Nearly half of Chinese millionaires are thinking about leaving the country, while 14% have or are in the process of applying for emigration, according to a Hurun Research Institute and the Bank of China report.
Their joint “Private Banking White Paper 2011” talked to individuals with assets of more than 10 million yuan (US$1.57 million) in18 cities to find out how China’s super rich manage their wealth. The average asset holdings of the 980 surveyed are 60 million yuan (US$9.44 million), with the average age of 42.
Where do China’s millionaires want to move? North America is the top choice. The United States is the most popular immigration destination for Chinese millionaires, attracting 40% of the respondents who are interested in leaving China, followed closely by Canada (37%) followed by Singapore and Europe.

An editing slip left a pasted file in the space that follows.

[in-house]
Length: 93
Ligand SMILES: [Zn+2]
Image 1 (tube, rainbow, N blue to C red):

Half of the investors said they want to leave for better overseas education opportunities for their children. About a third invest abroad as a step toward emigration, while a quarter of them do so to diversify and manage risk.
Observers believe that personal and capital safety is an increasing concern for the rich who are choosing to transfer their wealth overseas.
“We see too many worried entrepreneurs nowadays who are afraid that they would end up in prison for offending Chinese officials,” Beijing-based scholar Hu Xingdou told Ming Pao, a Hong Kong newspaper. He believes the lack of legal protection in many areas has lead to the worsening of business environment in China, which is accelerating the emigration drive.
Where did they get their cash? One quarter of China’s top 1000 richest people obtained their wealth from property, compared to less than 10% among the world’s 1000 richest, the report says. The percentage of wealth generated from manufacturing industry is also significantly higher.
One-third of the rich surveyed own foreign assets, which accounts for 19% of their investment assets. Another one-third are planning to invest abroad. The most popular investment is property.
The outflow of super-rich is worrisome to some China observers. Hu warns that if the cash fails to flow back to the mainland due to recession, Chinese economy might face a collapse.